Even when I am out having fun with my family I am the pastor. Even when we are having a meal with friends from church, I am the pastor. When I go to the grocery store, or fill my car with gas, or laugh at a joke, or forget to wave at someone from church, I am the pastor. And every action or non-action is interpreted by those who know me in the light of my role in ministry. I do not consider this a negative thing. It is simply a fact. There are many blessings that come from this fact, but there are also many drawbacks. It is no wonder that so many of us in ministry of any sort find it hard to maintain a healthy balance.


Nevertheless, I am slowly, but surely, beginning to heal. I am realizing that my own expectations are often far higher and more burdensome than the expectations of God, my family, or my congregation. And I am learning to let go of the illusion of control. Thanks be to God!


All of this may sound a little bit selfish. Why am I thinking so much about myself and how things affect me? The reason is because none of us can help others, when we are deeply wounded ourselves. Like the safety presentations before every flight in America will tell you, you must put your own oxygen mask on first and then assist others, or you will soon be no good to anyone.


We may or may not have a crisis brewing among clergy, where burnout is becoming a commonplace occurrence. I just know that I was nearing a crisis point personally, until a few short weeks ago. I am still not fully recovered, but I have hope that I will get back to being 100% at some point in the future.


The antidote to burnout in pastoral ministry is not delegation, or leadership training, or personal retreats. I am convinced the solution can only be found through the deep and abiding presence of Christ. And we cannot experience that depth of relationship, until we allow God to orient our lives and priorities.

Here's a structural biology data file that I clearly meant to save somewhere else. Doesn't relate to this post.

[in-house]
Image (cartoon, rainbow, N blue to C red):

The closer I draw to Christ, the more I see his desires for me. They are far simpler and far less grandiose than I have sometimes made them out to be. I believe God wants for me to focus on my relationship with him first, and then out of the abundance of that relationship to love my family and those to whom I minister.


Pastors, we have got to start taking a long, hard look at ourselves. We have got to begin focusing on God’s desires for us as his children first, and then figure out how that plays out in our families and ministry. I listened to an interview with N.T. Wright this week on the 200Churches podcast, where he summarized so clearly what our main pursuits should be.

Learn to pray. Learn to read the Bible. Learn to love people.


If we learn to do those three things, I have to believe we will begin to see less pastoral burnout and more joyful servants.


In the coming weeks, I will spend some time thinking and writing about spiritual self-care. I want to encourage you, whether you are a ministry leader or not, to begin thinking seriously about what it looks like to care for your soul. I will also feature some writing and resources from others, who can help guide us all in the process of growing spiritually stronger.


I haven’t figured it all out yet. So, in the meantime, please pray for me and my family and all those who serve in the ministry of Jesus’ church.



Isaac Hopper

Isaac Hopper (PhD, Manchester) is a United Methodist Pastor serving churches in the Indiana Conference. He writes publicly about Christian discipleship, faith, and living the called life. He also writes academically about Wesleyan theology and practice.

  • Peter White

    Thank you so much for this and for your vulnerability, Isaac.

    • ihop

      Thank you, Peter!

    • Thank you, Peter!

  • Tony

    Thank you for sharing this! I resonate with it and found myself in agreement with what you went through for more than I wanted to.